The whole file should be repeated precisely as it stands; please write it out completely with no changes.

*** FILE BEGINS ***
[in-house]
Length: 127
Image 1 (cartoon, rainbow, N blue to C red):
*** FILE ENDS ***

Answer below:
[in-house]
Length: 127
Image 1 (cartoon, rainbow, N blue to C red):